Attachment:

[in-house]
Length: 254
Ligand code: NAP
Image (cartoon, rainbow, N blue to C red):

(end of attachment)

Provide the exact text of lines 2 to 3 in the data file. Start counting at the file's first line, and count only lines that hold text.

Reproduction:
Length: 254
Ligand code: NAP